Old Style Communication Still Valid

Pat Seidel

Pat Seidel

Pat Seidel–who provides writing and presentation skills training for companies that want to improve their communication and image–told of a recent experience which illustrates that the old style of communication still has value, despite our contemporary fascination with technology. In Pat’s words:

“I recently attended a session on social media. I felt like a bit of an antique in the room. Everyone was blogging, tweeting, texting, and checking Facebook. I was taking notes longhand. Feeling a bit overwhelmed, I asked the woman next to me if she felt the same. She replied yes, stuck out her hand and said, ‘This is still one connection I trust. Hello, my name is Margy.'”

Bravo, Pat. . .you and Margy have given us a wonderful lesson. Face-to-face communication still holds the top spot among our options for interacting and getting messages across.

Be sure to visit Pat’s Web site, and contact her about the communication training she can bring to your organization through her company, Pat Seidel Training & Consulting, LLC:
http://www.patseidel.com

While you’re on her site, check “Pat’s Pearls,” a list of resources she recommends.

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7 Ways to Become a Grade-A Speaker

Speaking at a Canada Convention

Speaking at a Canada Convention

When I provide individual speech coaching, and when I direct presentation skills seminars, I emphasize these 7 necessary steps for speaking with poise, power, and persuasion.

1. Adopt an upbeat ATTITUDE
Form a mental picture of success. Anticipate your audience’s unbroken attention, laughter, and applause. Assume you have something worth saying, and that you will say it well.

2.Focus on the AUDIENCE
This way, you won’t become excessively concerned about yourself. Remember, audiences want you to succeed. They aren’t critics, they are your cheerleaders. Embrace them–then they’ll embrace you.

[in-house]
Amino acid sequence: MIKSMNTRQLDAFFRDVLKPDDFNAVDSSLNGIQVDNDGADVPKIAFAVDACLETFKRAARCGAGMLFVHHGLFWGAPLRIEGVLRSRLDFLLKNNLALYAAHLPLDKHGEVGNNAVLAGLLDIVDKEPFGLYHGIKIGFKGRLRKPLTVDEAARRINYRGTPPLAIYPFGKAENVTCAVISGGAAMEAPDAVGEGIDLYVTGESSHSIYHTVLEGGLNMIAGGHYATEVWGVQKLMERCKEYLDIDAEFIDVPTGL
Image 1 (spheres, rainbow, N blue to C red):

3. Be ANIMATED
Listeners don’t want to wonder if you have a pulse. So don’t read or recite your message. . . tell it, as energetically as you would describe a fun weekend. Move away from the podium, gesture freely, vary your voice, just as you do in casual chit chat. Create what actors call “The Illusion of the First Time.”

4. Be ATTENTIVE
Remain on the lookout for audience feedback. When you detect confusion, restate your point. When you see listeners nod in agreement, let their support energize you.

5. Use ANECDOTES
Even adults love “once upon a time.” People remember and learn from your stories, not statistics. Paint word pictures, giving a “you are there” feeling. Use suspense with the skill of a novelist. Paul Harvey carved a grand speaking career as a master story teller.

6. Sharpen your APPEARANCE
Although casual and sometimes sloppy dress have gained some acceptance, your audience wants you to dress a notch or two above their norm. Tasteful, professional clothing reflects that you respect them and the occasion. Not surprisingly, you will gain confidence and energy as well.

7. Be ATYPICAL
Do something different from other speakers. Examples: unusual props, impersonations, games, regular audience interaction, or magic if that’s your talent. Note: Every season, new TV shows succeed because they become distinctive.

Next time you speak, try these “7 A’s.” They work. Your audience will give you an “A” grade for sure.

For more great tips about speaking, order my audio CD, “How to Become a Dynamic Speaker!” My Web site’s shopping cart accepts major credit cards, and you are not required to have a PayPal account. Here is the link to the shopping cart:

http://www.commlampton.com/store/index.htm

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